Iowa City Housing Information

Housing & Homeless Needs Assesment: Housing Needs Assessment:
Persons with Disabilities


I. Development of the 2001-2006 Consolidation Plan (CITY STEPS) II. Housing & Homeless Needs Assesment III. Housing Market Analysis IV. Strategic Plan V. Certifications VI. Appendices
A. General Estimated Housing Needs B. Housing Needs Assesment C. Homeless Needs D. Supportive Housing Needs of Non Homeless Special Needs Populations E. Lead Based Paint Hazards
1. Renters 2. Owners 3. Elderly Persons 4. Persons with HIV/AIDS & their Families 5. Persons with Disabilities
6. Discussion of Cost Burden and Severe Cost Burden 7. Overcrowding 8. Substandard Housing 9. Discussion of Disproportionately Greater Need Based on Race or Ethnicity 10. Maxfield Computer Model Analysis

5. Persons with Disabilities

Iowa City's excellent services, medical facilities, and presence of The University of Iowa results in persons with special needs relocating into the community. Because of this, the need for housing and supportive services in this area is increasing. Data collected for the 1994 CHAS is presented in Table II.2. The majority of this information was generated using national norms and statistics provided by HUD, unless noted.

Table II.2

click to enlarge (12K)

An inventory of accessible and adaptable rental units is compiled and available from the Iowa City Housing Authority. As of July 1999 there are 860 units available citywide. This number does not include the number ICHA units or owner-occupied or rental units that are accessible or adaptable, group homes or human service agency facilities, or new units that may have been completed. Additional information on housing for persons with special needs is provided in section II.D. Some special needs groups do not require housing that is uniquely modified, and are able to utilize unaltered housing stock.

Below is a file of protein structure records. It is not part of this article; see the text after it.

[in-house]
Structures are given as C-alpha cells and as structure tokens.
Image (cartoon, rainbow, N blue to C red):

Each year the City's Housing Rehabilitation Program and ESA both receive requests and complete projects for accessibility modifications or repairs enabling lower-income persons to remain in their housing unit. Approximately 100 calls are received annually from lower income persons needing accessibility modifications or improvements. These programs provide a low cost, effective method of meeting the needs of some special needs households.

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